Filing for bankruptcy offers you protection from creditors through the duration of the process. That means no calls, no repossessions, no garnishments, or anything.

Any good bankruptcy attorney will make sure that even when the process ends and the stay expires, the creditors will leave you alone. That’s because it’s their job to create a plan that works for you, so that you can pay back any debts that survive the bankruptcy process.

If you file properly and don’t overspend again in the future, bankruptcy means never getting another collections call.

29 Jul 2013

Any decent financial advisor will be careful to warn clients against the perils of taking on too much debt. Not only will a heavy debt load damage your credit score, it will put you at a much higher risk for bankruptcy, especially if you suffer a job loss.


Bankruptcy presents some major challenges for individuals and families, who may need to give up some major assets in exchange for a "clean slate," so one would expect them to do everything possible to avoid a second bankruptcy. But old habits die hard, and without good financial counseling a person remains vulnerable through poor decision-making.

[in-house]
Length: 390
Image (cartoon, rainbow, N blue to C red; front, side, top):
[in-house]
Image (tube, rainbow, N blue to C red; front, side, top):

After interviewing several financial consultants and bankruptcy attorneys, it is obvious that something needs to change. One bankruptcy should be enough for anyone's lifetime, so be sure to make these lifestyle changes immediately.

Four changes to make after bankruptcy:

Live within your means. This statement has different meanings to different people, but in an effort to keep it simple; "living within your means" is spending only the money you have coming in currently. This means no purchases on items you cannot afford, and paying the full balance of any credit card purchases every month.

Begin rebuilding credit scores only by purchasing what you know you can afford. While it may be true that buying a car, getting credit cards or renting an apartment will speed your post-bankruptcy rebound, it can be dangerous to take on too many obligations too quickly. Be smart about the method you use to rebuild your credit score, and keep your monthly payments affordable.